The Story of the Ponca

A re-creation of a Ponca village

A re-creation of a Ponca village
From the 1988 NET Television production of The Trial of Standing Bear

The large Siouan tribal language group was made up of many smaller tribes such as the Ponca, Omaha, Osage, Kansa, and Quaqaw tribes. These five tribes once lived in an area east of the Mississippi River, but just prior to Columbus’ arrival, they had begun moving westward. The Ponca and Omaha split from the other tribes sometime prior to 1500. According to tradition, the Omaha and Ponca followed the Des Moines River to its headwaters and then moved northeast.

Eventually they crossed the Missouri River and drove out the Arikara Tribe that lived on the west bank of the Missouri River in an area that would later be included in the state of Nebraska. Sometime after the encounter with the Arikara, the Ponca and Omaha separated. The separation date has been placed as early as 1390 and as late as 1750. Certainly by 1789 the Ponca were living on lands where the Niobrara flows into the Missouri. The Ponca Tribe was never very large. Between 1800 and 1900, they probably never numbered more than 800.

They appear on P. C. LeSeur's map of 1701 and were "discovered" again by the trader Juan Baptiste Munier in 1789. By that time there were living near the mouth of the Niobrara River. About that time they suffered heavily from a smallpox epidemic. Lewis and Clark estimated that they numbered only 200 people in 1804. By 1874, they were back up to 733 individuals, all living near the Niobrara.

Standing Bear was known to the Ponca Ttribe as Ma-chu-nah-zah. He was born on the Ponca reservation around 1834, although some sources say he was born in 1829. Because he showed unusual abilities, he became a chief at an early age.

Standing Bear, a Ponca chief

Standing Bear, a Ponca chief

Broken Promises

The complicated relationship between the Native American tribes and the U. S. government is outlined in this quote:

“Indian Nations had always been considered as distinct, independent political communities, retaining their original natural right, as the undisputed possessors of the soil . . . The very term ‘nation’, so generally applied to them, means ‘a people distinct from others’." — John Marshall, 1832 Worcester v. Georgia, 31 U.S. (6 Pet.) 515,561


The Ponca Tribe signed several treaties with the federal government from 1817 to 1865. Like numerous other tribes in Nebraska, they were forced to witness the shrinking of their homelands until most were moved to the Indian Territory in the present day state of Oklahoma.

The United States government signed four treaties with the Ponca before ending the treaty-making procedure to formalize relations between them and the Indians. Treaties were signed with the Ponca in 1817, 1825, 1858, and 1865. The third and fourth treaties are the most significant with reference to the 1879 Standing Bear v. Crook court case.

The lands reserved for the Ponca by the Treaties of 1858 and 1865. All of this land was mistakenly given to the Sioux in the Fort Laramie Treaty of 1868.

The lands reserved for the Ponca by the Treaties of 1858 and 1865. All of this land was mistakenly given to the Sioux in the Fort Laramie Treaty of 1868.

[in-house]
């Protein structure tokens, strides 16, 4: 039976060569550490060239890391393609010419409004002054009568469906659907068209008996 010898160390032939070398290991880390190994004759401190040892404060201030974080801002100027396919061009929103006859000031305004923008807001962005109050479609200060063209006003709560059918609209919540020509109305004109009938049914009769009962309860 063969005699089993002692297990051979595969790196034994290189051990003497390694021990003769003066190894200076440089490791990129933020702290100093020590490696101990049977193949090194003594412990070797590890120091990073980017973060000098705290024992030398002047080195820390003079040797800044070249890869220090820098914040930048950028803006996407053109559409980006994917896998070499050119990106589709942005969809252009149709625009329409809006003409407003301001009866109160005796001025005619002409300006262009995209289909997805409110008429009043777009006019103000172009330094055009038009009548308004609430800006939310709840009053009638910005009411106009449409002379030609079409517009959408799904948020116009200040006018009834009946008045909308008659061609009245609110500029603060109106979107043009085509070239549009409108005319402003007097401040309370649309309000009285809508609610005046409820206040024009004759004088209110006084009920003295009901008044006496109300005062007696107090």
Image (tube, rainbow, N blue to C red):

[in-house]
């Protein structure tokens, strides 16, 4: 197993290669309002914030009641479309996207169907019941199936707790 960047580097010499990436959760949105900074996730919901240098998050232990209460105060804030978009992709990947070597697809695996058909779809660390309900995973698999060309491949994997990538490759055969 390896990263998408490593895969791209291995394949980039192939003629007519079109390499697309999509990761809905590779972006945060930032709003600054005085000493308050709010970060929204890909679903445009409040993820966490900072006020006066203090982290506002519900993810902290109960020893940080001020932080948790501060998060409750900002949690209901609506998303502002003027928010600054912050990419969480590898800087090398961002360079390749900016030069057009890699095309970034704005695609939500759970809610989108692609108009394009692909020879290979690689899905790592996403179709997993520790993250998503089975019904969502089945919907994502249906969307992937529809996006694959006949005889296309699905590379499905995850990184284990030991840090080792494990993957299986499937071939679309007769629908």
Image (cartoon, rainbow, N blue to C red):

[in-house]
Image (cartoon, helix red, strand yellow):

In 1858, the Ponca ceded a large section of land to the U.S. Government, but they did reserve a much smaller area for the tribe to occupy. They agreed to move to the reserved area within one year after ratification of the treaty. The new area would become their permanent home. In return for making the land cession, they were to receive the following from the U.S. Government:

    1.    Annuities — that is, cash payments — for 30 years
    2.    Educational institutions for ten years
    3.    A mill to grind grain and one to saw timber
    4.    An interpreter, a miller, a mill engineer, and a farmer

As the Commissioner for Indian Affairs explained in his 1858 Report, the objective was to "colonize and domesticate" the Ponca.

The Ponca planned to give up hunting for an agricultural economy. However, they faced a variety of problems that included: failure of the government to live up to its promises, drought, locust, and conflicts with the Sioux. Yet, the Ponca kept their promises and never stole from nor attacked the white man.

Another treaty was concluded in 1865 with the Ponca agreeing to relocate their reservation to the east and south of its earlier location. The tribe gave up most of its 1858 reservation in exchange for lands surrounding them south of the Niobarara River and Ponca Creek. They were also given islands in the Niobrara lying "in front" of the new reservation lands. This treaty provided for a reservation of 96,000 acres in the present day Nebraska counties of Knox and Boyd. The treaty stated that the reasons for this move were to return to the Ponca their old burial grounds and to return their traditional agricultural lands. A third reason was to move the Ponca away from the Sioux who were attacking from the West.

Unfortunately for the Ponca, in 1868 the U.S. Government signed a treaty with the various bands of the Sioux Nation. This treaty, often called the Fort Laramie Treaty, created a large Sioux reservation that included most of South Dakota west of the Missouri River. Unfortunately, the southern boundary of the South Dakota area also included parts of the land reserved for the Ponca in the 1865 treaty. Consequently, about 96,000 acres of the tribe’s land (the bulk of their land) was given to the Sioux.

How could this happen? Most likely because the Fort Laramie Treaty commissioners (Generals Sherman, Harney, Terry, etc.) had forgotten about the provisions of the 1865 treaty with the Ponca. Thus, two different tribes were granted the same land.

That set the stage for the Ponca Tribe’s "Trail of Tears."